Department of Electrical and Computer Engineering, UC Davis, Davis
Abstract: Conventional reinforcement learning (RL) techniques face the formidable challenge of high sample complexity and intensive computation load, which hinders RL's applicability in real-world tasks. To tackle this challenge, Warm-Start RL is emerging as a promising new paradigm, with the basic idea being to accelerate online learning by starting with an initial policy trained offline. Indeed, owing to the knowledge transfer from an initial policy, Warm-Start RL has been successfully applied in AlphaZero and ChatGPT, demonstrating its great potential to speed up online learning. Despite these remarkable successes, a fundamental understanding of Warm-Start RL is lacking. The primary objective of this study is to quantify the impact of function approximation errors on the sub-optimality gap for Warm-Start RL. We consider the widely used "Actor-Critic" method for RL. Our findings reveal that a 'good' warm-start policy (obtained by offline training) may be insufficient, and bias reduction in online learning also plays an essential role to lower the suboptimality gap.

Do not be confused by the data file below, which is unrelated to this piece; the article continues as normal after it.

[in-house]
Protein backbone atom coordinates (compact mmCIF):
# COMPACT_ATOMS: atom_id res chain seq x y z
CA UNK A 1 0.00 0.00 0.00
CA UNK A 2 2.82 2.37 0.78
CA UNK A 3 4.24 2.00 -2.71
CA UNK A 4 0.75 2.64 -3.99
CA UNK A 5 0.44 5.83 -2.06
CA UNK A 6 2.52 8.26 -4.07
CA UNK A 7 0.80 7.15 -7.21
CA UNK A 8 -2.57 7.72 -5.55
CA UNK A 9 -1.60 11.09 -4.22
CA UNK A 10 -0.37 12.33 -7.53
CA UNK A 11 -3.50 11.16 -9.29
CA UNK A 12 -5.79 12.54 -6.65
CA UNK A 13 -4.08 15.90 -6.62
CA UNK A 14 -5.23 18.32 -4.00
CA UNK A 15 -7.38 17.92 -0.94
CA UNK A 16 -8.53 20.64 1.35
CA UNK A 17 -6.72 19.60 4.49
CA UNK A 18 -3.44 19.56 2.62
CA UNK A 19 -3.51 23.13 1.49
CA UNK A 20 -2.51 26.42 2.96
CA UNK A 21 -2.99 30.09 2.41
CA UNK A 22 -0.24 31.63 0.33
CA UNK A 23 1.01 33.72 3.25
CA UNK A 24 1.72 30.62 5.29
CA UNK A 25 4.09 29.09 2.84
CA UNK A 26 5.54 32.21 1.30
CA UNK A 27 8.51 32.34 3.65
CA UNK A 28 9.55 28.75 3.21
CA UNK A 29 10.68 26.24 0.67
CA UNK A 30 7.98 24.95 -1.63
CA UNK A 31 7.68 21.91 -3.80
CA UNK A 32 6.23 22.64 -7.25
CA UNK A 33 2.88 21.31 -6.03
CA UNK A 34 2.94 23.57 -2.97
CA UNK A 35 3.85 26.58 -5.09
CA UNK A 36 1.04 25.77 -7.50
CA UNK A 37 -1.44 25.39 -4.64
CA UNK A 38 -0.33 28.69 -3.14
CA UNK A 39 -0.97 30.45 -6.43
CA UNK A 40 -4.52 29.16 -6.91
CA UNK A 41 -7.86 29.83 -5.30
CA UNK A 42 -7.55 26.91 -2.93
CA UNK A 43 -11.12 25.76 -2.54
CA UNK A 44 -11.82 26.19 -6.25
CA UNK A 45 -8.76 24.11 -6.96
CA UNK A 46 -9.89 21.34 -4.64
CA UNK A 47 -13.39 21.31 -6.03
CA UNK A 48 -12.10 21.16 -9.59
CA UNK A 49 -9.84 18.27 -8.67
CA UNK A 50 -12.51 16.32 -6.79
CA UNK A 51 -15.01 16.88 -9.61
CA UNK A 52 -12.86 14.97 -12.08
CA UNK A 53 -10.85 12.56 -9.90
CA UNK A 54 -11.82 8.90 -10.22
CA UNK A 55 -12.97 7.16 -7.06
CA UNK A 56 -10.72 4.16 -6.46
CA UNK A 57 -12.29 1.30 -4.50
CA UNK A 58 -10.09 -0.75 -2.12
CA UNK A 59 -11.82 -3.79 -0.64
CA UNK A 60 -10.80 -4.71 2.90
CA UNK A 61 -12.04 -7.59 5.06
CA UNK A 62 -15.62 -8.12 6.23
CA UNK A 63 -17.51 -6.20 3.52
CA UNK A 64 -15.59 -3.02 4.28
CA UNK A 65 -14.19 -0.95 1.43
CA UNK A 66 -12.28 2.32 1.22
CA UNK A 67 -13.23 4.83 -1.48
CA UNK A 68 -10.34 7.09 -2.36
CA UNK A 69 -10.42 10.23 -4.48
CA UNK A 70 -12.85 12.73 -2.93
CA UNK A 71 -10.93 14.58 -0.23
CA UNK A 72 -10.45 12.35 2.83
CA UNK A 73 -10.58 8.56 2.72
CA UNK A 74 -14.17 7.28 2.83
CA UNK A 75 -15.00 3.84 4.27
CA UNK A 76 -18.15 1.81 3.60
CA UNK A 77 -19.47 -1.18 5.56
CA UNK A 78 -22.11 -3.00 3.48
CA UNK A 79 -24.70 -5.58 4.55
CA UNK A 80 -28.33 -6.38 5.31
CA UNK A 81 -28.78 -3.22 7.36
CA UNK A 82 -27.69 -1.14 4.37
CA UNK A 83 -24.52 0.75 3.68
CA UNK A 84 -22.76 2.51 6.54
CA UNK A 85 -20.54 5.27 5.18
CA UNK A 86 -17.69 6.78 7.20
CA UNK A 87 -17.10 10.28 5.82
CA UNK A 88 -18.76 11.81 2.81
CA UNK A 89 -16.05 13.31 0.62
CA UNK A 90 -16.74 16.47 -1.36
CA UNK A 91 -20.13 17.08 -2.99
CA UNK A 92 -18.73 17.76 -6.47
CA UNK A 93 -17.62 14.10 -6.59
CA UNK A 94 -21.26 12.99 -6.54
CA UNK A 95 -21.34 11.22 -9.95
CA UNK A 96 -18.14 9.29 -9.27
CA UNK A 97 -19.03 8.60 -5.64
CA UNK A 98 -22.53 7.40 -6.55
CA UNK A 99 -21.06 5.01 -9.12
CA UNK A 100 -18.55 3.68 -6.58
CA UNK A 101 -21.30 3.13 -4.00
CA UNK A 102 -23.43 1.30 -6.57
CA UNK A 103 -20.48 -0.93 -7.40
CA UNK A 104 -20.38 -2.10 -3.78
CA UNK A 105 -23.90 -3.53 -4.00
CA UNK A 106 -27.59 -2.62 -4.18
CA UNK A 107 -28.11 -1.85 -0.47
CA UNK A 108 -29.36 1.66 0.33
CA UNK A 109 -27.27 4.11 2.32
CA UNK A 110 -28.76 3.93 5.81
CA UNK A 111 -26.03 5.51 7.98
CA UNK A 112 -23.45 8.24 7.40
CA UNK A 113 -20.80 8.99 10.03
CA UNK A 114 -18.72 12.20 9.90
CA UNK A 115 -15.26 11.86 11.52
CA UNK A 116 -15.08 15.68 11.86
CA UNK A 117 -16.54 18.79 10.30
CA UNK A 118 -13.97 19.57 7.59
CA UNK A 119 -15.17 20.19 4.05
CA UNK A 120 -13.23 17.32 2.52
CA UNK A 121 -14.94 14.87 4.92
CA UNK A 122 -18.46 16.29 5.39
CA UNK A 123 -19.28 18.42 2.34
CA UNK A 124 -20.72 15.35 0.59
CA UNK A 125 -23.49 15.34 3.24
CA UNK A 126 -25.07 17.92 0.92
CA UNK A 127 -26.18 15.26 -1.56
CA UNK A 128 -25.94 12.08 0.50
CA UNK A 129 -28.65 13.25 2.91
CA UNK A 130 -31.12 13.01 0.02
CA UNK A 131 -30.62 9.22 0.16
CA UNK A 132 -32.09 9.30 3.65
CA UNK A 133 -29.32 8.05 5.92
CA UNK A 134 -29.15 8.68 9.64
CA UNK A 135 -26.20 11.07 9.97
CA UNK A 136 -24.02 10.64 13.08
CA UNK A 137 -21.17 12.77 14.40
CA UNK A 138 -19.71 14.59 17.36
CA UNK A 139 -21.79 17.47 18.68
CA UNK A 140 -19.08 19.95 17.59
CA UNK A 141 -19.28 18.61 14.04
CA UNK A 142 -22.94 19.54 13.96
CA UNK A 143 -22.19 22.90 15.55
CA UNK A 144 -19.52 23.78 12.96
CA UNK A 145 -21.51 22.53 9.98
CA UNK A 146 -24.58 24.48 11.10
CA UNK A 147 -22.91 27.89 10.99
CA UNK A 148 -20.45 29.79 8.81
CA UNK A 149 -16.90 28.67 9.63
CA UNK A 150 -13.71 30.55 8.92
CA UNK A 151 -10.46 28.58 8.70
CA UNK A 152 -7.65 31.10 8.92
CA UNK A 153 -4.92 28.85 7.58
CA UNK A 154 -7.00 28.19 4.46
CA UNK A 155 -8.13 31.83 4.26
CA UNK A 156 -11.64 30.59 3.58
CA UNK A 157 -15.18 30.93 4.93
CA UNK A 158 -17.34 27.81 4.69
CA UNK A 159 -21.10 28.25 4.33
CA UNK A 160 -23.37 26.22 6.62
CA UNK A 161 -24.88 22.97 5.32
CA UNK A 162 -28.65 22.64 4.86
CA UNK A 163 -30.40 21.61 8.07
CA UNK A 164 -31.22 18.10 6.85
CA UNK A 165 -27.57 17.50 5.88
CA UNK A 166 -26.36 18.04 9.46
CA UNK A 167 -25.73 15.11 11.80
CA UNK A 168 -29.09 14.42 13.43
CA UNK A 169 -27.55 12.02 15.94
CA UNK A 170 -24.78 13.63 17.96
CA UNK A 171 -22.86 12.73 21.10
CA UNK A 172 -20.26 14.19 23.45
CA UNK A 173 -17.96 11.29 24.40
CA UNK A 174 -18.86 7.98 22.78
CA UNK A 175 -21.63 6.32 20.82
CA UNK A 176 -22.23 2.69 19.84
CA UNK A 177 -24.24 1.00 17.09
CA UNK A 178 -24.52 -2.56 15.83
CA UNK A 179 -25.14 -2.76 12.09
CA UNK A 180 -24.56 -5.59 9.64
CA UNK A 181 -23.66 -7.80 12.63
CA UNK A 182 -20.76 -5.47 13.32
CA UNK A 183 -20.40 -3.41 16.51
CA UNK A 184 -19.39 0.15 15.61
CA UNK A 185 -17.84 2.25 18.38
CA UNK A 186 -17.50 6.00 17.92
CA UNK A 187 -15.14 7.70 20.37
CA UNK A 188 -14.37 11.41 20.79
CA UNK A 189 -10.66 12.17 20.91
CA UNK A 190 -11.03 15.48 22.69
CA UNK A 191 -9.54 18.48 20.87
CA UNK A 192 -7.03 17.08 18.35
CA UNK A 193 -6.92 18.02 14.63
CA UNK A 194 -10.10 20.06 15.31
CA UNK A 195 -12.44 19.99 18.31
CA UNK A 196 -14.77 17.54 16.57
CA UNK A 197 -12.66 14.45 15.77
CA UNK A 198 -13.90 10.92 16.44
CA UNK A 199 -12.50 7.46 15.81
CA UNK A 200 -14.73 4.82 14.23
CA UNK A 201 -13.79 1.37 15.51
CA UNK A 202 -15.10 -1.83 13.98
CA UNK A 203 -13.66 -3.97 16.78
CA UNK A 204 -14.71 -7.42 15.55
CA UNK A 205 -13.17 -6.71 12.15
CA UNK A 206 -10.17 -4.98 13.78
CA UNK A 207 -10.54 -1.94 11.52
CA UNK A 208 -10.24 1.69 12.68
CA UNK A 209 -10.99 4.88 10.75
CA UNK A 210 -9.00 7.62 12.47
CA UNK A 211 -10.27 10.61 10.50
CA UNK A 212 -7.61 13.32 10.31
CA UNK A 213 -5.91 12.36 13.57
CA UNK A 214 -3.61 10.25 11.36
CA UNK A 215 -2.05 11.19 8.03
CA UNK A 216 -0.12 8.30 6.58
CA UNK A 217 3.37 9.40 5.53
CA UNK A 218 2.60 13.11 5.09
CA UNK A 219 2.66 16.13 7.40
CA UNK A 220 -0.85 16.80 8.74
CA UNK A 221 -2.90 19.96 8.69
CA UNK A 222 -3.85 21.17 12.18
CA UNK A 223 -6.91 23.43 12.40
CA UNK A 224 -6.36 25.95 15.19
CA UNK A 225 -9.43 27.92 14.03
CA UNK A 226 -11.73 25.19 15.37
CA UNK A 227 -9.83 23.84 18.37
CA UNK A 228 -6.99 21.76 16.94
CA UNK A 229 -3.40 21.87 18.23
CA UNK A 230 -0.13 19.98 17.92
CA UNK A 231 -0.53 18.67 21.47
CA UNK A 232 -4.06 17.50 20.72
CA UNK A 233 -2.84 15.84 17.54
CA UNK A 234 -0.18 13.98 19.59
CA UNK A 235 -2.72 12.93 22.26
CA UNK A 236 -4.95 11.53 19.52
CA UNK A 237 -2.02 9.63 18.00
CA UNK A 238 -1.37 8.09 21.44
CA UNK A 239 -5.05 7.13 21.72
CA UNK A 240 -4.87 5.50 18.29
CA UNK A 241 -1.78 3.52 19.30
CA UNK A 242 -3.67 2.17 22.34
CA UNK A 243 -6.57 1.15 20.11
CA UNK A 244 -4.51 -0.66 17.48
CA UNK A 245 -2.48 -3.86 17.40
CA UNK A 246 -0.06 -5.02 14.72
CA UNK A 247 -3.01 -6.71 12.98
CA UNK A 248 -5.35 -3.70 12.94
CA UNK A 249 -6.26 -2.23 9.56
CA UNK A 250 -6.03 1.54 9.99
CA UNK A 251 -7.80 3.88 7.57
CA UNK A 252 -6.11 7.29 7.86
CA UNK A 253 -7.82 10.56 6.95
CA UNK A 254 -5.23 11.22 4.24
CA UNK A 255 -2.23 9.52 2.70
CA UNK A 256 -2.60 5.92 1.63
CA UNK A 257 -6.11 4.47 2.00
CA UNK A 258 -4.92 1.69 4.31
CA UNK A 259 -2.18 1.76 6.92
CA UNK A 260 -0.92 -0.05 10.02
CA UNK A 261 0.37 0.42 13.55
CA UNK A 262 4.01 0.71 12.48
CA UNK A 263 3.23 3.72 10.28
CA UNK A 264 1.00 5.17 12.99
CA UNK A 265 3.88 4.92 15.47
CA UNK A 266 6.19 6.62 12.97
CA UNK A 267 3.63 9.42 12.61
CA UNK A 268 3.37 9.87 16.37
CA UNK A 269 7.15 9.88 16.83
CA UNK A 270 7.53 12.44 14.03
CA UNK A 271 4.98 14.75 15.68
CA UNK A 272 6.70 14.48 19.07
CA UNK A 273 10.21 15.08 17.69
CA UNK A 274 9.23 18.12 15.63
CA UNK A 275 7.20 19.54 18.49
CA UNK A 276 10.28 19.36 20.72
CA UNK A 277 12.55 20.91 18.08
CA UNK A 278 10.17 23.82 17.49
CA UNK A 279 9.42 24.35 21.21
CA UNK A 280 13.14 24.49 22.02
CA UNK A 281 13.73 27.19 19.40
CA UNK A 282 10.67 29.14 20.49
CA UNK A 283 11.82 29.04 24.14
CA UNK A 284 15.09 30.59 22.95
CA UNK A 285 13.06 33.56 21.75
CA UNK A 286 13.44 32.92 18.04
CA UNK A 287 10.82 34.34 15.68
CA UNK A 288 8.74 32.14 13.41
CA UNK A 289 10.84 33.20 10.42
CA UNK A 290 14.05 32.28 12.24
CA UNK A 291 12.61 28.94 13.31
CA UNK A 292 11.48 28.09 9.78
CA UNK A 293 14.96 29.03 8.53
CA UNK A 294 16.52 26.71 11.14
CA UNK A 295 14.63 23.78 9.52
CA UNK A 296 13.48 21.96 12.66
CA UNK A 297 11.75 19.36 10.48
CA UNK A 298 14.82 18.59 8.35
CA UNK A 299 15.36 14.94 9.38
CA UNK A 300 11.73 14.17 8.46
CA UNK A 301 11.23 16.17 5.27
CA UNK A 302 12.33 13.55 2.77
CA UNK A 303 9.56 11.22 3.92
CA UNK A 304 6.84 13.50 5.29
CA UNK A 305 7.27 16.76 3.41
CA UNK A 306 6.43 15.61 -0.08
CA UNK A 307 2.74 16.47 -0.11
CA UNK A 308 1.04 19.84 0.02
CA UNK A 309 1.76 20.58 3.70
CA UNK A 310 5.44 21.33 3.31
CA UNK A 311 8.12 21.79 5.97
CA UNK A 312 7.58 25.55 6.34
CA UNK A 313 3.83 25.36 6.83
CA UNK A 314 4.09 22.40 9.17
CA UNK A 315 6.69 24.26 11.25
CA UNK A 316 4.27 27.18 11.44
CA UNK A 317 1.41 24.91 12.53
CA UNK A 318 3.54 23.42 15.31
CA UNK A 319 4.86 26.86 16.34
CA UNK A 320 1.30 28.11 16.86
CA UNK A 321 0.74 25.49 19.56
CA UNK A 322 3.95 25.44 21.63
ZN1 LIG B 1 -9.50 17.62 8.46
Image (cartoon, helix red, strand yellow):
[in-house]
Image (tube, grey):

Bio: Junshan Zhang is a professor in the ECE Department at University of California Davis. He received his Ph.D. degree from the School of ECE at Purdue University in Aug. 2000, and was on the faculty of the School of ECEE at Arizona State University from 2000 to 2021. His research interests fall in the general field of information networks and data science, including edge AI, reinforcement learning, continual learning, network optimization and control, game theory. He is a Fellow of the IEEE, and a recipient of the ONR Young Investigator Award in 2005 and the NSF CAREER award in 2003. His papers have won a few awards, including the Best Student paper at WiOPT 2018, the Kenneth C. Sevcik Outstanding Student Paper Award of ACM SIGMETRICS/IFIP Performance 2016, the Best Paper Runner-up Award of IEEE INFOCOM 2009 and IEEE INFOCOM 2014, and the Best Paper Award at IEEE ICC 2008 and ICC 2017.
Fair Machine Learning for Education - An Information Theorist’s Perspective
Dr. Haewon Jeong
ECE Department, UC Santa Barbara, Santa Barbara CA